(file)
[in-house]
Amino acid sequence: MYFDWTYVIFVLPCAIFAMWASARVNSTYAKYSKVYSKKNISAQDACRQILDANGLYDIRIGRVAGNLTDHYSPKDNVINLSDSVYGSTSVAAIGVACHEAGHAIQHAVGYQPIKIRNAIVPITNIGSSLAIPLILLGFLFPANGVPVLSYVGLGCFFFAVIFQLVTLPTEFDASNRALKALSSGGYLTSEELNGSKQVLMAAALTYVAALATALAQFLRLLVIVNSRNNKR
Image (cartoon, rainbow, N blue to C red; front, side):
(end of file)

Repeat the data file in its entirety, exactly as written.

[in-house]
Amino acid sequence: MYFDWTYVIFVLPCAIFAMWASARVNSTYAKYSKVYSKKNISAQDACRQILDANGLYDIRIGRVAGNLTDHYSPKDNVINLSDSVYGSTSVAAIGVACHEAGHAIQHAVGYQPIKIRNAIVPITNIGSSLAIPLILLGFLFPANGVPVLSYVGLGCFFFAVIFQLVTLPTEFDASNRALKALSSGGYLTSEELNGSKQVLMAAALTYVAALATALAQFLRLLVIVNSRNNKR
Image (cartoon, rainbow, N blue to C red; front, side):